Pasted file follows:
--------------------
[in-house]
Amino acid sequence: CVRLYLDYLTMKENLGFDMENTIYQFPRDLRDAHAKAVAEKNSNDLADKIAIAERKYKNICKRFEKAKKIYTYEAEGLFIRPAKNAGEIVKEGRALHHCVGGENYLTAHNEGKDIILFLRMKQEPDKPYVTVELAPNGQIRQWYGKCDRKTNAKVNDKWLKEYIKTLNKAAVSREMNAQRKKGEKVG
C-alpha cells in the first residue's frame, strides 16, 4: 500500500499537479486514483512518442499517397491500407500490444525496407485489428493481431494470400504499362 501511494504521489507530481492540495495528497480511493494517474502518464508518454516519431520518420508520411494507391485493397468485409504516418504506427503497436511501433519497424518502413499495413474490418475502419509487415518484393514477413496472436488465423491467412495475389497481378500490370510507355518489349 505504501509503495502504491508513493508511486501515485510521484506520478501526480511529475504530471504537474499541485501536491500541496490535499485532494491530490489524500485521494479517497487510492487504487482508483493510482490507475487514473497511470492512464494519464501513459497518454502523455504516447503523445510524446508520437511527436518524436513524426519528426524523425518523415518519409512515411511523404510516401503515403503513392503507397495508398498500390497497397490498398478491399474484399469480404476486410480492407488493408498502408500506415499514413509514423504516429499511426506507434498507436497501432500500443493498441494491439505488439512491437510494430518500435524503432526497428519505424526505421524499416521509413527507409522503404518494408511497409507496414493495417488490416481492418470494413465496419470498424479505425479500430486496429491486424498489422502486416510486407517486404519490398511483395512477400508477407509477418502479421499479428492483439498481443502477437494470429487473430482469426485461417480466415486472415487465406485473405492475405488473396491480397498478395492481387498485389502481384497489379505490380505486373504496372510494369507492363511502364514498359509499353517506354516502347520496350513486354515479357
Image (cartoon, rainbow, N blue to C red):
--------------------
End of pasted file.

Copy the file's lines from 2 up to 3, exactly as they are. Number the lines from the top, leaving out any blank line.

Amino acid sequence: CVRLYLDYLTMKENLGFDMENTIYQFPRDLRDAHAKAVAEKNSNDLADKIAIAERKYKNICKRFEKAKKIYTYEAEGLFIRPAKNAGEIVKEGRALHHCVGGENYLTAHNEGKDIILFLRMKQEPDKPYVTVELAPNGQIRQWYGKCDRKTNAKVNDKWLKEYIKTLNKAAVSREMNAQRKKGEKVG
C-alpha cells in the first residue's frame, strides 16, 4: 500500500499537479486514483512518442499517397491500407500490444525496407485489428493481431494470400504499362 501511494504521489507530481492540495495528497480511493494517474502518464508518454516519431520518420508520411494507391485493397468485409504516418504506427503497436511501433519497424518502413499495413474490418475502419509487415518484393514477413496472436488465423491467412495475389497481378500490370510507355518489349 505504501509503495502504491508513493508511486501515485510521484506520478501526480511529475504530471504537474499541485501536491500541496490535499485532494491530490489524500485521494479517497487510492487504487482508483493510482490507475487514473497511470492512464494519464501513459497518454502523455504516447503523445510524446508520437511527436518524436513524426519528426524523425518523415518519409512515411511523404510516401503515403503513392503507397495508398498500390497497397490498398478491399474484399469480404476486410480492407488493408498502408500506415499514413509514423504516429499511426506507434498507436497501432500500443493498441494491439505488439512491437510494430518500435524503432526497428519505424526505421524499416521509413527507409522503404518494408511497409507496414493495417488490416481492418470494413465496419470498424479505425479500430486496429491486424498489422502486416510486407517486404519490398511483395512477400508477407509477418502479421499479428492483439498481443502477437494470429487473430482469426485461417480466415486472415487465406485473405492475405488473396491480397498478395492481387498485389502481384497489379505490380505486373504496372510494369507492363511502364514498359509499353517506354516502347520496350513486354515479357